The film Max Havelaar, based on the 1860 novel Max Havelaar: Or the Coffee Auctions of the Dutch Trading Company by Multatuli (the pen name of Eduard Douwes Dekker), tells the story of an idealistic Dutch colonial officer who is posted to Indonesia in the 19th century. Havelaar believes that he can make positive reforms that will improve the lives of local people, but he is misguided. In this semi-autobiographical story, entrenched political and cultural forces work counter to his plans and things progress from bad to worse. This module is designed to assist teachers in using the film to teach about colonialism and the history of Dutch rule in Indonesia in the period before the outbreak of WWII. The novel is considered a classic Dutch literature and the book’s bleak portrait of Indonesian colonialism effected change in Dutch colonial policy. Resources include historical and biographical information about Eduard Douwes Dekker and a brief outline of the Dutch administrative practices in Indonesia.
This module is based on the presentation by Barbara Andaya (Professor of Asian Studies, University of Hawaii at Manoa) for the East-West Center’s National Endowment for the Humanities (NEH) Summer Institute for Teachers titled “Southeast Asia: At the Crossroads of World War II.”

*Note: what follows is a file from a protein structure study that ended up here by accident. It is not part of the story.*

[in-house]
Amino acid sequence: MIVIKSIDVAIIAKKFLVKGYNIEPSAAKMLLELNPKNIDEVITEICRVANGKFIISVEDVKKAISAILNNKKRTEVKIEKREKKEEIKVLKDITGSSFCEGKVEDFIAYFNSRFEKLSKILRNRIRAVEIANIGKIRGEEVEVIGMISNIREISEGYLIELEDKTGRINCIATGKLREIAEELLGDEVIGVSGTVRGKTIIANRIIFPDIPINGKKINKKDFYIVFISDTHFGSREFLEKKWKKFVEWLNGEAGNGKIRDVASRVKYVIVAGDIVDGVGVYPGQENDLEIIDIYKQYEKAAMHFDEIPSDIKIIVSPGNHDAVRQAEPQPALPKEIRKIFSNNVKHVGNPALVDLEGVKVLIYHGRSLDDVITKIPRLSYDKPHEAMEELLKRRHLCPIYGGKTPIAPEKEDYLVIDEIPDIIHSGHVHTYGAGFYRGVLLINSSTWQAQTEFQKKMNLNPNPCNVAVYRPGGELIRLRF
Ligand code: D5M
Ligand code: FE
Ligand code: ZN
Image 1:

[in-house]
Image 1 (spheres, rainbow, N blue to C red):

Any views, findings, conclusions, or recommendations expressed in this module do not necessarily reflect those of the National Endowment for the Humanities or the East-West Center.
Key topics include: Batavia/Jakarta, capitalism, decolonization, democracy, development, Dutch East Indies/Netherlands Indies, European powers, imperialism/colonialism, independence movements, nationalism, trade and the economy.
We welcome comments from teachers on how you have integrated this material into your teaching, including what was useful and what wasn’t, and what additional resources you would like to see in or recommend for this module.